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What Russia's World Cup Would Look Like if Hit by a European Boycott

Calls for boycott are customary when Russia hosts an major international sporting event, as was the case for the Sochi Olympic Games in February.

Amid international tension over the conflict in Ukraine, voices in the West are clamoring for Russia to lose the right to host the 2018 World Cup. While this is realistically highly unlikely, a boycott of the tournament by European nations would certainly be welcome news for some of the other teams, who might have a better chance of bringing home the elusive trophy.

German politicians said earlier this week that FIFA should reconsider Russia as host of the next tournament. The football association of the Netherlands, a country that lost 193 of its citizens when Malaysia Airlines Flight MH17 was shot down over Ukraine last week, said a discussion about Russia's hosting of the World Cup would be opened "at a later moment, once the investigation into the disaster has been completed."

Calls for boycott are customary when Russia hosts an major international sporting event, as was the case for the Sochi Olympic Games in February. But boycotts of the World Cup are virtually unheard of: Uruguay boycotted Italy's 1934 World Cup, upset at poor attendance by Europeans when it hosted the previous tournament, and four years later, Uruguay and Argentina refused to play in France because they were irate that a second successive event would be held in Europe instead of in South America.

"If more sanctions are imposed on Russia, if relations with the West do not improve, then the worst thing that could happen is that the tournament will be moved to another country," said Dmitry Navosha, editor-in-chief of, a prominent Russian sports news website. "If things calm down, I think everything will be fine with Russia as a host."

Russia still has plenty of time to redeem itself in the eyes of Europe and North America. But if it continues on its current path and FIFA — often impervious to the political nuances of host nations of the World Cup — rules that Russia will still host, what will the tournament look like? There are certainly several squads that would benefit from a Europe-free World Cup.

Don't Cry for Me, Argentina

The runner-ups of this year's World Cup would be certain to make an appearance in Russia. Earlier this month, President Vladimir Putin rubbed elbows with his Argentinian counterpart Cristina Fernandez de Kirchner in Buenos Aires when the countries signed a nuclear energy cooperation agreement. The leaders demonstrated their blossoming friendship further when they announced that the Spanish-language service of RT, a state-owned Russian television network, would be broadcasting in Argentina on a 24/7 basis, with almost the status of an Argentinian state channel. In March, de Kirchner openly sided with Putin over Russia's annexation of Ukraine's Crimean peninsula, denouncing double standards in Western foreign policy.

The 2018 tournament would be a chance for Argentina to redeem itself after its loss to Germany in this year's final. The mighty Mannschaft, in this scenario, would not be playing on Russian turf.

BRICS Brother Brazil

Although Russian officials have promised that their country's World Cup will surpass Brazil's, the fun-loving Brazilians did not seem to take offense. As BRICS brothers, Russia and Brazil foster warm relations. Putin's recent official visit to the country was marked by the signing of economic cooperation agreements in a variety of sectors. Brazil will inspire Russia's preparations for the 2018 World Cup, and Russia's Sochi experience will serve as a model for the 2016 Rio de Janeiro Olympic Games.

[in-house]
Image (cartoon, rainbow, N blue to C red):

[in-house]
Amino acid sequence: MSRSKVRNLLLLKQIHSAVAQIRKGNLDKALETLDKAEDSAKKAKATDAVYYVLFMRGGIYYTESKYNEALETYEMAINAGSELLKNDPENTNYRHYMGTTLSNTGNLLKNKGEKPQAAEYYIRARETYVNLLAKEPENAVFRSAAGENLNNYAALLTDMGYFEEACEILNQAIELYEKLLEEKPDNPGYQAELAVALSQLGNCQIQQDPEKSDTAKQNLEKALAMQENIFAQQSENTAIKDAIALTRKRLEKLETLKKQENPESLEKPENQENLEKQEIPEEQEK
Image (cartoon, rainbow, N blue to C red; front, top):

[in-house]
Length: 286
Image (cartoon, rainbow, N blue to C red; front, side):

Without the German and Dutch squads standing in its way, if the Brazilian squad could improve its defense in the next four years, it could be a contender for the ultimate prize in world football.

Algerian All-Stars

Russia crashed out of this year's tournament early on, while its fellow group member Algeria went on to the round of 16, where it was eliminated by Germany, the eventual winner. Russia's coach Fabio Capello blamed Russia's early exit from the tournament on Algerian fans who directed a laser pointer in the eyes of goalkeeper Igor Akinfeyev before an equalizing goal. But bad blood does not run deep between the two countries.

The Soviet Union provided military and technical assistance to Algeria during its 1954 to 1962 independence war, and the countries have expanded their trade ties in recent years. There is no reason Algeria would snub Russia.

Chinese Challengers

The Chinese squad currently ranks 94th in FIFA's world rankings. But if the 36 European teams in the top 94 were scratched, China would be a serious contender to qualify for Russia's tournament.

China would no doubt be elated to play on Russian turf at a tournament hosted by its BRICS partner and another non-Western center of power.

And with a $20 billion, 20-year gas deal inked with Russia's Gazprom in May, Team China will definitely not run out of gas.

North Korean Wild Card

North Korea has made two World Cup appearances in its history, most recently in 2010, when it finished last.

As the West feuds with Russia, Moscow has been cozying up with Pyongyang. North Korea was one of the 11 countries that voted against the United Nations' draft resolution on Ukraine's territorial integrity, and in April, the State Duma agreed to write off nearly $10 billion of North Korea's debt from the Soviet era. North Korea's remaining $1.09 billion in debt will be managed by Russia's state development bank, Vneshekonombank.  

Kim Jong-un would no doubt be pleased at the prospect of qualifying for a Russian tournament devoid of European teams.

See also:

2018 World Cup Boycott Premature, English Football Association Says

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